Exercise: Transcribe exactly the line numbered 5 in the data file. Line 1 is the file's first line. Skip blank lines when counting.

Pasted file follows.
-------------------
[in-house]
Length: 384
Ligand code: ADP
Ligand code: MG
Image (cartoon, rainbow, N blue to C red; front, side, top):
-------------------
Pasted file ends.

Image (cartoon, rainbow, N blue to C red; front, side, top):